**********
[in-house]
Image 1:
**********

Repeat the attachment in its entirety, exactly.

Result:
[in-house]
Image 1: